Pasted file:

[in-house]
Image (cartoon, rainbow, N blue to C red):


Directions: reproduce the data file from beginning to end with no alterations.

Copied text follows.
[in-house]
Image (cartoon, rainbow, N blue to C red):